Sometimes called a grow zone, understanding your plant hardiness zone is essential for deciding when to start seeds indoors. The USDA created this standard to help gardeners determine which plants will thrive in their region and, most importantly for seed starting, your average last frost date. 

When you live in Zone 2, the upper reaches of Minnesota in the United States, you could see a frost as late as June 4th. When you live in Zone 6, much of Kansas, Missouri and Ohio, your latest frost comes about April 21. Annuals that have been started from seed should not be transplanted outdoors until the last frost date has passed.

How to Read a Seed Packet

When you purchase seeds from a reputable source, you’ll be given a wealth of information on the packet about how to start seeds indoors. You’ll see planting depth recommendations, soil and light recommendations and, to help determine your seed starting date, days to transplant. For instance, your packet may read “start seeds indoors 2-3 weeks before transplanting.” From your last frost date, April 21 for example, count back 14-21 days to arrive at your seed starting date, determining the best indoor starting dates are April 1 to April 8th. 

Cold Stratification and Scarification

While many types of seeds can be sowed with no preparation, there are some that will need special care. Seeds such as prairie coneflower, pincushion and milkweed need cold stratification. Other seeds will need scarification, like nasturtium, sweet pea and morning glory. When going through all the steps involved in how to start an avocado seed, scarification is number one on the list of things to do.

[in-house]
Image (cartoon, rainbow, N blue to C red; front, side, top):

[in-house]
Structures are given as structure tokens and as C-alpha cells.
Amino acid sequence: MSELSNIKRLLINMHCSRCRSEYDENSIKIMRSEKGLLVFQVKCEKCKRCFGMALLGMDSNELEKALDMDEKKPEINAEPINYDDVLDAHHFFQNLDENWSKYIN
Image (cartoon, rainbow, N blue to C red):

Are you hoping to grow milkweed to help support the Monarch butterfly? Click here and we’ll send you a packet of seeds with growing instructions – free!

Indoor Seed Starting Chart

Seed Starting Chart, When to Start Seeds Indoors

Indoor Seed Starting Groups

Starting seeds in groups can be helpful to your schedule and give you a bountiful harvest. Consider starting these plants at roughly the same time. For instance, you’ll start tomato seeds indoors at the same time that you’ll start eggplant. Ratatouille, anyone?

Double check your cold loving plants such as cabbage, broccoli and brussel sprouts. You may want to start those seeds indoors when it’s still snowing outside!

Group A – Start these plants indoors 10-12 weeks (70-84 days) before your last frost.

Group A Seed Starting 12-10 Weeks before Frost

Group B- Start these plants indoors 8-10 weeks (56-70 days) before your last frost.

Group B Seeds, Seeds to be started between 8-10 Weeks before frost

Group C – Start these plants indoors 4-6 weeks (28-42 days) before your last frost. While many of these can be direct sown outside, they can also benefit from a little extra boost to get a strong healthy start.